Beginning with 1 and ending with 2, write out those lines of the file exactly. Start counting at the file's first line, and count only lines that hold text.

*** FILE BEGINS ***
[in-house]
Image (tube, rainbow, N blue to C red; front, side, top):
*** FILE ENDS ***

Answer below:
[in-house]
Image (tube, rainbow, N blue to C red; front, side, top):